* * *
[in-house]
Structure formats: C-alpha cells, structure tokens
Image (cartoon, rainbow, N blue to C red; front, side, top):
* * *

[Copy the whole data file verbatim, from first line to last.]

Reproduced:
[in-house]
Structure formats: C-alpha cells, structure tokens
Image (cartoon, rainbow, N blue to C red; front, side, top):